I walked up and down the cobblestone streets of Sopacachi, first to the Plaza Isabel la Catolica to the plaza named after Eduardo Abaroa, the “defender of Bolivian literature” — Eduardo didn’t seem very heroic with a bird on top of his head.  I eventually made my way up the hill to the Plaza Monticulo (picture above), which overlooked the mountains and suburbs of the south.  I felt at peace with La Paz at this park and sat on a bench with a book until it started to rain.

BACK IN MY ROOM in my central La Paz hostel, two new roommates filled up the two other beds:  Gilbert, from Holland, on holiday in Bolivia for a second time, and Tim, a 33-year-old surfer from western Australia continuing his way down south from San Francisco, USA.  We chatted about our travels until there was a knock on the door from the girl Tim had split a cab with.  The door opened and revealed a familiar face:  Lara, whom I had tracked down in Cusco for Christmas, had tracked me down in La Paz.  I thought it might have been pretty bad ass to say “Well, well, well…Ms. Croft, we meet again…” but after an 11-day hiatus,  it was just “Hey!“s and hugs.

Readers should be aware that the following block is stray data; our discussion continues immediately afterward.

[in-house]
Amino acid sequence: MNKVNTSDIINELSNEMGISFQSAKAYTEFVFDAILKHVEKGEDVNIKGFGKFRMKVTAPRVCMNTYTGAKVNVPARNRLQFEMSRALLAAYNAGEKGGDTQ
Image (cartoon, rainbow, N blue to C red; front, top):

I gathered my two new roommates and Lara gathered her one, an English girl named Christy whom she met at (the Copa,) Copacabana.  We were joined by a Dutch guy and girl for dinner and drinks.  “There’s a Chinese food place across the street,” I said.

“Chaufa de pollo?” Lara replied.  The chicken fried rice-loving Tomb Raider was back.

AFTER DINNER, WE WENT OUT bar hopping, from a bar with a no show from the three Texas Lara met at (the Copa,) Copacabana and invited, to an overly romantic bar with sleepy piano music that made us all want to slit our wrists, to Sol y Luna, a decent bar that served, amongst many drinks, Bolivian mojitos — mojitos with crushed coca leaves instead of mint.  Lara and I caught up on our adventures — she too had lived with a Titicacan family on Isla Amantani.  She figured I got sick from my host family’s less-than-stellar kitchen; hers was immaculate — well, as immaculate as you can get for a mud hut.

We all had rounds after rounds of drinks and conversation until we called it a night sometime in the early morning.  It was a great night out after waking up to a dreary day, but I suppose when you’re in a city at the bottom of a canyon, you can only go up from there.

Next entry: Journey to the Moon and the Zoo and Brazil Three Times

Previous entry: Jackie Chan to the Rescue